Don’t worry about having a good time – it will come naturally. South Africans are a thirsty bunch, akin to their Australian and New Zealand neighbours and very friendly.

As for the power crises up in Johannesburg – I think you’ll be 100%. 

Famous visiting spots?  The Cape is known for harbouring tourists whom buy up the land. Get a good look at Cape Point, Grabouw,  Hermanus, Stellenbosch, Somerset West, Strand, Gordon’s Bay the West Coast and the Cape in general.

The power problem won’t affect your appetite for more.

The Green Mile – Part II

View the website for Koninklijke Philips Electronics N.V. (Royal Philips Electronics Inc), here. Their LUMILED product range is well documented. You may be interested to know that Philips is over 100 years old and this great capitalistic venture was started by the cousin of Karl Marx, Gerard Philips in Eindhoven, a leader in the EU industrial design field. One company that I always remember fondly will be Texas Instruments – they have been pioneers in many aspects of electronics, from the integrated circuit to the pocket calculator (figures), DLP Cinema® technology and of course cellular technology. Although originally founded for geophysical exploration of oil through the use of signal processing they acquired Commergy Technologies (Ireland) for energy-saving power supply innovation in 2008.  TI is been accredited for their work in green energy resources. When it comes to devices that store energy we seem to still have many more years to go before we can discover a cheap alternative to the alkaline, Ni-Cad, Lead-Acid and Li-Ion batteries in use today. The question that is often asked then is why a flat battery cannot be made fully charged by simply adding fresh electrolyte?  Unfortunately a charging current must be passed through the cells to make the cells ‘active’again. Try it and see! An old trick to keeping a battery in storage is to fully charge the battery and pour out the electrolyte into a storage container. Why do I mention this? 

Because a great solution to our energy problems would be simply to add electrolyte to a flat battery to harness it’s energy again. So is there an alternative? Yes there is! In comes our fuel cell, a device which like the electrochemical battery has an electrolyte, an anode and a cathode. Fuel cells are different from conventional electrochemical cell batteries in that they consume reactant, such as hydrogen which must be replenished. Wiki has, as per normal, a very interesting article on fuel cells and readers are advised to read this to make the subject matter clearer. And who are the leaders in hydrogen fuel cells or stacks?  Here I must admit I am a wee bit biased.  Motor manufacturers seem to be all falling over themselves to make the first economically viable vehicle for our roads but they are also at the mercy of the fuel dispensers (or the lack thereof). This is costly, very, very costly. Hydrogenics is a company that has 60 years experience in the use of commercial hydrogen systems so they definitely deserve a front row seat. My money currently lies with one of these two nations: India or China. There seems to be just too much promise shown in India – bright young academics, much to gain and lots of rivalry. I always bet on the underdog so would really like to see India been the front runner. The Chinese have a mighty economy behind them, have the technology and if they don’t have the expertise they soon will. They are at the mercy of oil suppliers and in a country with over a billion people they have everything to gain by manufacturing (or discovering) an alternative fuel source. At present a web search will reveal a lot of activity in China regarding fuel cells – one being the Beijing Fuyuan Fuel Cell Group.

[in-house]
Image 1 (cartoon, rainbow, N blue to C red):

Readers are encouraged to comment on this post. Give us your views as to where we are heading, what we can do about alternative fuel and make the earth a happier greener place.  

The Green Mile – Part I

It has been brought to our notice, that starting from this year they are hiking the prices by 30% per year over the next three. Sadly this won’t be the end either. Their reasons are possibly well founded – South African people have been paying almost the lowest rates internationally for the last few years and the time was to up the tariff to be in line with overseas energy suppliers. Interesting we say. Interesting that our only reactor is nearly 20 years old and should be moth-balled. Why haven’t they built other sources of power since the ANC took over our beautiful country and turned it into a ‘blackout’ hell hole up in Gauteng where most of our energy gobbling industry exists. There have been many theories, one is that maintenance is at an all time low. The other is that nobody knew how fast our economy would grow. These and many other theories may possibly be correct but what is 100% spot on is that the citizens of our land have all decided to look for a means to cheapen their daily power consumption. Again, what do we really have that can lighten our burden?  Batteries? Solar? Wind? Wave Motion? Hydrogen? We can knock our national power commission but they have tried to do their bit with the free supply of geyser blankets and free trade-ins of your domestic lighting to more energy efficient lighting. Well today they released their year end profits – a mind staggering 3.5B rand (just over 500M U$), not bad for a long suffering company, albeit government owned.